At IFAT 2016 Fraunhofer presents a modern, intelligent and sustainable water energy transition concept for urban areas. It will be implemented during the next three years in the city of Lünen, Westphalia. Visitors of the booth will be able to experience the project results via a digital game platform. At May 31 and June 2, 2016 the presentation of the results and the serious game will take place at 4.00 p.m. at the booth.
Water infrastructures -- such as pipes, sewers or water storages -- are rigid systems. They are renewed according to certain renovation cycles. This can take up to 70 years for municipal sewage systems and up to 30 years for baths in rental apartments. "That has to be considered when creating concepts for the future of the water infrastructure," says Dr.-Ing. Thomas Hillenbrand, scientist at the Fraunhofer Institute for Systems and Innovation Research ISI in Karlsruhe.
Modernise existing water infrastructures
In the joint project "Paths Of Transition For Water Infrastructure Systems TWIST ++" the institute developed the integrated water energy transition concept i.WET. By means of real scenarios, the concept shows how a modern and intelligent water supply and watewater management can be implemented step by step in urban areas. It takes the renovation cycles of existing systems into account, can be flexibly implemented in modular form, and combines new water and wastewater technologies intelligently. i.WET includes solutions for three major challenges of water infrastructure in Germany: demographic change, climate change and energy policy. In Lünen, a city of 90,000 people in Westphalia, the results of i.WET are to be implemented in a pilot project over the next few years. The scientists are presenting the concept at IFAT, the International Trade Fair for Environmental Technologies, from May 30th to June 03rd in Munich (Hall A5, Booth 217/316).
i.WET envisages specific measures for buildings, sewer systems and wastewater treatment plants. The decisive point is the separation of less and more heavily contaminated wastewater already in the household (gray/black water). In buildings, the researchers want to install separate pipes for water from showers, wash basins, sinks on the one hand, and the rest of the waste water from toilets, washing machines and dishwashers on the other hand. Approximately 110 liters of water per day are consumed in households in Germany. "Up to 50 percent of this water is required for showers and baths. This water is good for reuse -- such as for flushing the toilet," Hillenbrand explains.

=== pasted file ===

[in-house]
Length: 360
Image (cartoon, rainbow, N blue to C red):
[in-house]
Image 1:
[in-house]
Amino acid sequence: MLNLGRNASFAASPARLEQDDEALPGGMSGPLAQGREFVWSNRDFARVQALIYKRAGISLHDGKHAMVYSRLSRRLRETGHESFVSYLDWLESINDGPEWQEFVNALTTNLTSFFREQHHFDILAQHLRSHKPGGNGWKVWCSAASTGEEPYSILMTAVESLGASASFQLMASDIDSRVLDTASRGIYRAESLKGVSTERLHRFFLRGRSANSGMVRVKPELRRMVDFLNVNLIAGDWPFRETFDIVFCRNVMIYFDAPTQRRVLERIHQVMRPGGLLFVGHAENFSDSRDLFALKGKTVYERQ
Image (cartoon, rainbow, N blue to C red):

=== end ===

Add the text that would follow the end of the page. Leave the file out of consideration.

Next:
Energy alley as green water treatment
The water, which is not recycled in the household, flows into the "energy alley"- a green strip with plants that thrive on moisture. They stand with their roots in the water, absorb the remaining nutrients and have ideal growing conditions. "The result is biomass, the cities are greener and the threat of flooding is reduced -- due to the water tank under the plants. One square meter per inhabitant is sufficient. In the long term, such a system can be operated more favorably than the current standard sewer system," Hillenbrand says. The scientists want to initially keep the sewers operable through regular surge irrigation with recycled water from households and, in the long term, replace them with vacuum dewatering.
Then, only highly-concentrated wastewater will reach the wastewater treatment plant. It can be routed directly into the biogas plant, in order to recover methane, thus reducing the energy demand for wastewater treatment. "The energy gain is significant. We can also recover nitrogen and phosphorus," says Hillenbrand.
Pilot project in Westphalia
In Lünen, it is intended for a housing association to incorporate the separate pipes for gray and black water in the buildings of the model district. The wastewater disposal rehabilitates the sewage system. "Time is on our side. The respective renovation cycles are expiring," Hillenbrand reports. The measures should be implemented within the next three years.
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